Japan and the United Nations

May 26, 2020

The reform of the United Nations Security Council is high on the agenda for global governance. Despite profound changes in global realities, the basic structure of the Security Council has not changed significantly from its original form of 1945. Therefore the present Security Council does not reflect today’s realities. Many States have strongly advocated the formation of a more legitimate, representative, effective and efficient Council, including an increase in both the permanent and non-permanent seats. Countries with the capacity and willingness to take on major responsibilities with regard to international peace and security should be included in the expansion of the Security Council.

Security Council reform is long overdue. If the discussion on reform continues any further without taking actions, the legitimacy and effectiveness of the Council would be put to question. Member States have engaged in the IGN (Intergovernmental Negotiations) since 2009, but have not achieved much progress. It is essential to act now towards achieving concrete results on reform, including an early launch of text-based negotiations. It is up to the Member States to realize Security Council reform.

The Need to Ensure the Effectiveness of the Security Council

As the roles of the Security Council become diversified, including non-proliferation and peacebuilding, it has become essential and urgent that the Council is transformed into a body which can ensure the universal implementation of its decisions.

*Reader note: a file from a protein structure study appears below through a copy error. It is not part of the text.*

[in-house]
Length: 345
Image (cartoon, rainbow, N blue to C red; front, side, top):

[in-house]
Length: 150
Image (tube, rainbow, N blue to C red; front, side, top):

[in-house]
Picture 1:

Increase in the Number of Member States

  • When the UN was established in 1945, there were 51 Member States. Now, there are 193 Member States, nearly four times the original number.
  • In comparison, the size of the Security Council membership increased once in 1965, from 11 to 15 members, through an increase in the number of non-permanent seats.
Number of UN Member States
  1945 1965 2020
Permanent Members 5 5 5
Security Council Seats 11 15 15
UN Member States 51 118 193

Changes in the Regional Composition of United Nations Membership

  • The Asia-Pacific Group holds 54 Member States in the UN, with more than half of the world’s population. Despite its considerable growth, Asia is currently represented in the Council by a number equivalent to only one-fifth of the Member States (China and two non-permanent members).
  • Africa also accounts for more than one-fourth of the Member States. However, there is no permanent seat for Africa and only three non-permanent seats.
  • Thus, for a credible, effective and representative Security Council, an enhanced role of countries with the capacity and willingness to contribute to international peace and security and of developing countries is imperative.
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